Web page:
Michael Concha’s collection, aptly named “The Dark Phoenix,” began with the innocence of Irish stepdancing children in white and green, followed by harrowing characters in blacks and chains. This was the edgiest collection of the entire fashion week.
Aiperi Yusupova’s collection was the epitome of simple elegance. Her partner, Yves, is from Rwanda. Aiperi herself is from Kyrgyzstan. They met in college in Charlotte, and I look forward to interviewing them soon.
The Recyclable competition was the most creative of the week. Often, designers only showed one piece, but these were crafted from the stuff of dreams and imagination. The winning design was a rendition of Maleficent, made of tissue paper.
Friday was a personal battle with my demons in the forms of anxiety and depression. I returned to The Smelly Cat. I had a meltdown. I called my mother and my boyfriend. I went to the loft, ate a sandwich, and binge-watched Buffy the Vampire Slayer for the millionth time. I changed clothes, and returned to the club.
Because I arrived at 7 and not my usual 5, I wound up parking nearly a mile away on the street and taking a tram to the doorway. It was here that I met Andre of The Face Magazine, which I may be contributing to in future. The theme of the night was Emerging Designers and Boutiques.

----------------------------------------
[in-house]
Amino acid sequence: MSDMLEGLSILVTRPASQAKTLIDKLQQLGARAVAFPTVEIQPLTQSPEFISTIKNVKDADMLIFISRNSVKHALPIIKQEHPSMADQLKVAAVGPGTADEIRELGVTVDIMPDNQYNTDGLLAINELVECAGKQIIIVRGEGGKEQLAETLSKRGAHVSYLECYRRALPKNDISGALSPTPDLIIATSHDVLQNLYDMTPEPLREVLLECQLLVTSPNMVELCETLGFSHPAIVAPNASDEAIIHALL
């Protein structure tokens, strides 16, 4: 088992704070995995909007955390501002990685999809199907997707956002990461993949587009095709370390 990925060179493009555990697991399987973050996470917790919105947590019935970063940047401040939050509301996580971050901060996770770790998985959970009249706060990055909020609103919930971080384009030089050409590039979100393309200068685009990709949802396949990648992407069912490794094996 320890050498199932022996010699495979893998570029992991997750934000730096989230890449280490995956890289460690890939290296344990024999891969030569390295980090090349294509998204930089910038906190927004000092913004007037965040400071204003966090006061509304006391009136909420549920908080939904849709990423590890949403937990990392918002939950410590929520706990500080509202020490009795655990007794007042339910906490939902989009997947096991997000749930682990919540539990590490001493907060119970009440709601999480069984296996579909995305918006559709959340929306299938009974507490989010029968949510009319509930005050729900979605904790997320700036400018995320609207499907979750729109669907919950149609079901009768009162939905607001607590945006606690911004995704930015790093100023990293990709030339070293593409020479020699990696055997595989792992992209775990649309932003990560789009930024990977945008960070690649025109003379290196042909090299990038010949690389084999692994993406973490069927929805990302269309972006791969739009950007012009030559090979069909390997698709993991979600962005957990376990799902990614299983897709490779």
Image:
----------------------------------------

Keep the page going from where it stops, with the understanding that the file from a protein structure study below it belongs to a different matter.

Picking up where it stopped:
My favorite collections of the night were Moniquea Renee Couture, The Tuxedo Lady of DW Designs, and Seelah Boutique.
Moniquea Renee Couture showed a collection entirely in white. White ruffles, white lace, white rhinestones. From work to cocktail hour to just because, this collection proves that the modern woman can live her life in white without appearing the least bit bridal.
The Tuxedo Lady of DW Designs is a work and formal wear couturier for men. She opened the collection with a Sherlock Holmes ensemble, and I was sold. Everything was impeccably crafted, from the rugged leather accessories to the massive fur robe.
Seelah Boutique is an inspirational collection from an inspired soul. Seelah comes from the biblical book of Psalms, which meant “pause” or “rest” from a musical perspective. Her objective was to create beautiful clothes for everyone, and she succeeded with this black and gold collection.
Back to the loft.
Saturday. The day of the ball. I meet with my college friend Olivia Bellamy for brunch. It was good to catch up with her, and we’ve decided to catch up more often. (3 years is a bit long.) As I cranked Silvermist to head out, the air conditioning failed again. So I drove to the loft with the windows down again, and changed for the ball, arriving at the club at 5 PM.